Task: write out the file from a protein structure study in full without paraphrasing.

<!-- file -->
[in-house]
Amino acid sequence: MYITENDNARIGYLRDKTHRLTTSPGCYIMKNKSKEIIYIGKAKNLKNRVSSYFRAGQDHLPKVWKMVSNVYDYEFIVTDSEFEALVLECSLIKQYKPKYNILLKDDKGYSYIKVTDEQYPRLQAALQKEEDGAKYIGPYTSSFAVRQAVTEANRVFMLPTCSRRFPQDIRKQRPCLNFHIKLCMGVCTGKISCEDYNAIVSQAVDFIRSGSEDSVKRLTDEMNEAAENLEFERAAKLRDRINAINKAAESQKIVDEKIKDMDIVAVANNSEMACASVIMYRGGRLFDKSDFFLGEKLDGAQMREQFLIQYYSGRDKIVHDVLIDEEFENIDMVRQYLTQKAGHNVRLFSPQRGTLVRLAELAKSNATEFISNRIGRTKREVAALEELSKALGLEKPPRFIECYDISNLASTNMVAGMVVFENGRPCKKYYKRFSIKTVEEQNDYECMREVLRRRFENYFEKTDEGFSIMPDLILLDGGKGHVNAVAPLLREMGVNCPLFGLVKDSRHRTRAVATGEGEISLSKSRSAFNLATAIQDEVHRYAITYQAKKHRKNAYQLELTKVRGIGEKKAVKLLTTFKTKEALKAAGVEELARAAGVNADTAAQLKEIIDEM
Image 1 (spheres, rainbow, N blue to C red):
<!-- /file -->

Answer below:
[in-house]
Amino acid sequence: MYITENDNARIGYLRDKTHRLTTSPGCYIMKNKSKEIIYIGKAKNLKNRVSSYFRAGQDHLPKVWKMVSNVYDYEFIVTDSEFEALVLECSLIKQYKPKYNILLKDDKGYSYIKVTDEQYPRLQAALQKEEDGAKYIGPYTSSFAVRQAVTEANRVFMLPTCSRRFPQDIRKQRPCLNFHIKLCMGVCTGKISCEDYNAIVSQAVDFIRSGSEDSVKRLTDEMNEAAENLEFERAAKLRDRINAINKAAESQKIVDEKIKDMDIVAVANNSEMACASVIMYRGGRLFDKSDFFLGEKLDGAQMREQFLIQYYSGRDKIVHDVLIDEEFENIDMVRQYLTQKAGHNVRLFSPQRGTLVRLAELAKSNATEFISNRIGRTKREVAALEELSKALGLEKPPRFIECYDISNLASTNMVAGMVVFENGRPCKKYYKRFSIKTVEEQNDYECMREVLRRRFENYFEKTDEGFSIMPDLILLDGGKGHVNAVAPLLREMGVNCPLFGLVKDSRHRTRAVATGEGEISLSKSRSAFNLATAIQDEVHRYAITYQAKKHRKNAYQLELTKVRGIGEKKAVKLLTTFKTKEALKAAGVEELARAAGVNADTAAQLKEIIDEM
Image 1 (spheres, rainbow, N blue to C red):